The Null must be the complement of the Alternative. The Null is identified as H0. Thus the Null is **H0: μ ≤**** 260**. This is logical since if the Alternative is true, the Null must be false because, between them, they account for all possibilities in the sample space. The Alternative includes all values greater than 260 while the Null includes all values equal to or smaller than 260.

The conventional way to write this is: **H0: μ ≤ 260 Ha: μ**

**> 260**(Claim)

**Words to Symbols Table**

The table is similar to others you may find in textbooks or online, but I have added all the keywords/phases I have found in word problems in teaching my intro stats classes for the last seven years.

Read the problem carefully, looking for key phrases and words which will identify the claim. Look for those key phrases in the table below to determine if the claim is the null or alternative hypotheses. It can be either. Because the null and alternative must be complements, finding one will also give you the other as they will be in the same row.

For an example, one problem includes this sentence: “The test results prompts a state school administrator to declare that the mean score for the state’s 8th graders is more than 260.” The “more than” phrase is a key to recognizing the claim is “more than” which is in the Alternative Hypothesis column in the Right-tail Row 3. The Math Operator in that cell is >. Thus, the claim is: µ > 260. The math operator in the claim always indicates the tail of the test, e.g. a **>** symbol points to the right, so this is a right tail test.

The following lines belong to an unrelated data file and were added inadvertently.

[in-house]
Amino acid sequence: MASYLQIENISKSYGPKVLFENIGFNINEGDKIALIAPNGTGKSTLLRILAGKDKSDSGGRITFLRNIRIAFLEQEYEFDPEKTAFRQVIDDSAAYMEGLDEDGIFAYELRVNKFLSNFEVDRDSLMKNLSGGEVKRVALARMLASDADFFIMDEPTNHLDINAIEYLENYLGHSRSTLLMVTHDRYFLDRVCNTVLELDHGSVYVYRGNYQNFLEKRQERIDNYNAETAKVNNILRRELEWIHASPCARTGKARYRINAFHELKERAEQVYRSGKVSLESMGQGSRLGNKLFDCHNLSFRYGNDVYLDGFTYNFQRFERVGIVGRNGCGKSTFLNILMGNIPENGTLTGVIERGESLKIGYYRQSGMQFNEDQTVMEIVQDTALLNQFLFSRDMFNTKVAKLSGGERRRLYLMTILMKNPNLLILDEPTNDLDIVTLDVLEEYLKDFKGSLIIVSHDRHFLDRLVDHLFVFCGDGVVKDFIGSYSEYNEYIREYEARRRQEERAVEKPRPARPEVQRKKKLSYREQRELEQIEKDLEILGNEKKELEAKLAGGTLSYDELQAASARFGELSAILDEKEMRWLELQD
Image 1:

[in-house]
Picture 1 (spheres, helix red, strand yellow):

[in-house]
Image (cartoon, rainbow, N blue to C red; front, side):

In the center column on the Right-tail row, you see the two hypotheses statements written in mathematical format. You just need to substitute the claimed value for x to complete them: **H _{0}: **

**μ**

**≤**

**260, H**

_{a}:**μ**

**> 260.**

In this (and most) intro stats course, we have limited the types of hypothesis tests we run. They are classified by the number of samples and the population parameter involved. I find most students do better if they look at the number of samples first.

Note: Links to individual tests coming **soon.**

**One-sample/One variable/One Population tests: Means or Proportions**

- Tests for the population mean:
- one-sample z-test for population mean
- one-sample t-test for population mean

- Tests for the population proportion:
- Two possible outcomes – one-sample z-test for population proportion
- More than two possible outcomes – Chi-square Goodness of Fit test

**Two-sample/One variable tests: Means or Proportions**

- Tests for the difference between population means.
- Two-sample z-test for population means
- Two-sample t-test for population means

- Tests for the difference between population proportions.
- Two possible outcomes: Two-sample z-test for population proportions

**Multiple-Sample/multiple variable/multiple population tests**

- Test for relationships between two or more quantitative variables.
- Regression (One Independent variable and One Dependent variable)